Miss Folly, in her seven flounces, her beads and flowers, peacock's plume, rouge, ribbons, and all, was half reclining on the uncarpeted floor, engaged in blowing bubbles. As each rose from the bowl of her pipe, swelling and shining, and then mounting aloft, she watched it with a look of affected delight and admiration in her up-turned eyes. No contrast could be imagined greater than that between the stately gentleman clothed in black, with his broad intellectual brow, spectacled eyes, and grave, solemn manner; and light, fantastical, frivolous Miss Folly, clad in the most absurd of styles, but looking as though she thought herself the very pink of perfection.
"Dear, who can that funny old fogie be!" exclaimed Folly, as she caught sight of grave Mr. Learning.
"Who may you be, and what are you doing?" asked Learning, with less politeness than he usually showed to ladies.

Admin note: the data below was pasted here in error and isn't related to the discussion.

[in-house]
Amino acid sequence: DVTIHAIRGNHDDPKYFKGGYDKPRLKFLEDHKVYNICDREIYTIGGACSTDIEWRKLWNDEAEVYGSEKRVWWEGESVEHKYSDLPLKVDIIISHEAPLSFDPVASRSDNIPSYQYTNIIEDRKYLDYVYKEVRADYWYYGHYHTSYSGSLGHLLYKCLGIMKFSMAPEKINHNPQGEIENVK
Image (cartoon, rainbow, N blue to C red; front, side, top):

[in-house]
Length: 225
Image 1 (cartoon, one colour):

"You don't mean to say that you've never heard of me!" cried Folly, her words bubbling out fast like water out of a bottle; "you must be Mr. Ignorance, if you don't know that I'm Mademoiselle Folly, the most particular friend of lovely Lady Fashion, and the inventress of tight-lacing, steel-hoops, hair-powder, masks, periwigs—"
"Flattened heads, blackened teeth, nose-rings, lip-rings, and tattooing," added Mr. Learning, remembering the account of a tribe of savages which he had been reading that morning.
"And as to what I am doing," continued Miss Folly, taking up her pipe, which she had laid down on the entrance of a stranger, "I'm very usefully employed: I'm furnishing the cottage of Miss Matty Desley."
"Furnishing!" exclaimed Mr. Learning in surprise, as Miss Folly, with distended cheeks, commenced blowing another bubble.
Folly was too busy at that moment to reply, even her tongue for a while was silent; but after she had succeeded in filling a big bubble, and had loosened it from the pipe with a gentle shake, she vouchsafed a little explanation.